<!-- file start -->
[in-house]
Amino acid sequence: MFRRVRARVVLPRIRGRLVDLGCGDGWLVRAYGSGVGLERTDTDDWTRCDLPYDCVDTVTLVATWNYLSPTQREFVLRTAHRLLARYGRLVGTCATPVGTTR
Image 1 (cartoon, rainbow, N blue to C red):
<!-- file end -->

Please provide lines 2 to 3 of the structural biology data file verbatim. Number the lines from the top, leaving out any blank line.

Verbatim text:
Amino acid sequence: MFRRVRARVVLPRIRGRLVDLGCGDGWLVRAYGSGVGLERTDTDDWTRCDLPYDCVDTVTLVATWNYLSPTQREFVLRTAHRLLARYGRLVGTCATPVGTTR
Image 1 (cartoon, rainbow, N blue to C red):